Task Force on Integration of Diversity, Equity, and Inclusion (DEI) and International Initiatives Across STP: The DEI/International task force, chaired by Arlen Garcia, will continue the work on DEI that 2020 President Amy Fineburg initiated. The task force will explore how to more fully integrate STP’s DEI and international initiatives in all we do, including membership, programming, awards, and resources. The task force will examine the structure of the organization, including whether there might be more explicit connections across the five Vice-Presidential areas or whether a new structure would help STP move away from the siloed nature of our current structure. The task force also will offer suggestions to increase inclusion and equity, including with respect to internationalization, in all areas, including with respect to our membership, leadership, award/grant applicants, and invited speakers. To provide input related to this Task Force, please email: TF2021Diversity@teachpsych.org.
Task Force for Resources for “Pivot Teaching”: The task force, chaired by Jenel Cavazos, will gather, solicit, and publicize resources for “pivot teaching” – e.g., changing modalities mid-semester, accommodating individual students whose situation has changed, integrating more flexibility into courses generally. The resources might include information on shifting to online, hybrid, or HyFlex modalities, for providing online resources for students in a face-to-face course, and for communicating with students in flexible, creative, and inclusive ways. The task force will prioritize top-notch, evidence-based, student-centered teaching and learning as modalities and other conditions shift. For questions related to this Task Force, please email: email@example.com.
Task Force on Statistical Literacy, Reasoning, and Thinking: Guidelines 2.0: This task force is particularly close to my heart because I chaired the first iteration of this task force in 2012. The outcomes of our peer-reviewed statistical literacy guidelines were published on the STP website in 2014. Since then, there have been far-reaching changes in the ways in which statistics is taught, and the ways in which changes in best practices for research methodology have driven how statistical analyses are approached. The task force will create updated STP guidelines for statistical literacy, reasoning, and thinking to incorporate what we have learned from the open science movement, data ethics initiatives, and new analytical approaches. The task force will be chaired by Jess Hartnett, with Garth Neufeld chairing the subcommittee targeting the introductory psychology course and Erin Freeman chairing the subcommittee targeting the psychology major. For any questions related to this Task Force, please email: TF2021Statistics@teachpsych.org.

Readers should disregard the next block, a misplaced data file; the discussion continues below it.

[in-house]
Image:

I look forward to serving as STP President this year, as we (hopefully) emerge from pandemic restrictions. STP is made up of a remarkable group of people who care deeply about teaching and about the scholarship of teaching and learning. I have two new year’s resolutions. Most importantly, to emerge from this pandemic, with support from the STP community, as a better instructor and scholar and ally to members of marginalized groups. And secondly, to travel again, ideally with locals, and hopefully back to Colombia where I will dance and hug and crowd onto public transportation with abandon!